4) Markdown Based

Markdown is a common markup language used by software developers for documentation. It's simple to write and easy to include code snippets or tables. Due to MDX being based on Markdown, all existing markdown docs can start using MDX by changing the file extension from .md to .mdx. MDX is easy to write and can still benefit from existing markdown-based editors such as Obsidian.

5) Rehype & Remark Plugins

MDX functionality can be expanded using both Rehype & Remark plugins. These can be used to transform your mdx content and add additional functionality. For example, adding syntax highlighting for code snippets, using remark-mdx-chartjs to add charts & graphs to your site or using remark-gfm to allow GitHub flavoured markdown features such as tables or tasklists.

6) Speed

As MDX is rendered into HTML at build time (rather than runtime), it is as quick as any html page. Writing in MDX has no negative performance impact on your site and usually the pages can be statically generated (rather than server side rendered), meaning they are lightweight and performant.

When to use MDX?

MDX shouldn't be used on every page in your site. Instead it should be used on “content-based” pages such as blog posts, news articles or tutorials. These are pages where the user is focused on the content itself rather than the look & feel or functionality of the page. MDX wouldn't be suited for “main” pages of your site (Home, About, Contact Us).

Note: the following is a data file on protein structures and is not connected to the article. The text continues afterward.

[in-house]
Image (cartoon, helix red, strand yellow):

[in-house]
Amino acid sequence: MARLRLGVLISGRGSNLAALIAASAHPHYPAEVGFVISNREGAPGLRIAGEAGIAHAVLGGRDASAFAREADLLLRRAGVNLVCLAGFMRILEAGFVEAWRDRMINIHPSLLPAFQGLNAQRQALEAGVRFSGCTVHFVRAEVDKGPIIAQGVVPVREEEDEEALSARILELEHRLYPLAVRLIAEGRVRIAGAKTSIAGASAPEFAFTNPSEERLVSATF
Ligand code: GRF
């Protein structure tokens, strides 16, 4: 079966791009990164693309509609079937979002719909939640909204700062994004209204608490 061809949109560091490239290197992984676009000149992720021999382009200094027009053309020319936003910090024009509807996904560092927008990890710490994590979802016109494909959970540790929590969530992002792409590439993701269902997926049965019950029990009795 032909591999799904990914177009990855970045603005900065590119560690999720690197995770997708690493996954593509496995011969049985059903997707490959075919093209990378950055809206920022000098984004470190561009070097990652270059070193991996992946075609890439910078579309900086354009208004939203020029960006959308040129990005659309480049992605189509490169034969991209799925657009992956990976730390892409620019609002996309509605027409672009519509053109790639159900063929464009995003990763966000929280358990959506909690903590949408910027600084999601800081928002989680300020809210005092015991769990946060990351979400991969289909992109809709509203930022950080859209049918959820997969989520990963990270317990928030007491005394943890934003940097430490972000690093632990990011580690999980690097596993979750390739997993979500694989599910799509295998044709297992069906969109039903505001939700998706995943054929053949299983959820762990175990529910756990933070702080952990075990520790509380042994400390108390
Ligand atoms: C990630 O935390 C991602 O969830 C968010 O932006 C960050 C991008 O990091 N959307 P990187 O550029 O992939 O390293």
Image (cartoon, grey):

MDX instead of PowerPoint?

Using MDX Deck, you can actually create presentation decks using solely markdown and JSX components. This package comes with pre-built themes, requires zero configuration and has normal presentation features such as "Presenter Mode" & "Speakers Notes".

MDX Deck - Presentations with MDX

How to setup MDX?

MDX can be used in any JSX runtime such as React or Vue or a React based front-end framework such as Next.JS or Gatesby.

Depending on your framework choice, there are many ways you can setup and use MDX inside your application.


Just like in normal markdown files, Frontmatter can be used to add Metadata to our MDX files. This metadata is stored in YAML at the top of the mdx file, and any key-value pairs can be used. In a MDX based blog, you might use frontmatter to store the blog's title, description and cover image so that a preview of the blog can easily be displayed on a different page: